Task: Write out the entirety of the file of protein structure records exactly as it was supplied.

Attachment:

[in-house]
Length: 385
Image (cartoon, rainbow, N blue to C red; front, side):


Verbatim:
[in-house]
Length: 385
Image (cartoon, rainbow, N blue to C red; front, side):